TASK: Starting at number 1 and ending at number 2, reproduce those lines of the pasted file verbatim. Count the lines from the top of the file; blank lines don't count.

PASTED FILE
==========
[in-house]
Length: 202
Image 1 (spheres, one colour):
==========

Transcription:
[in-house]
Length: 202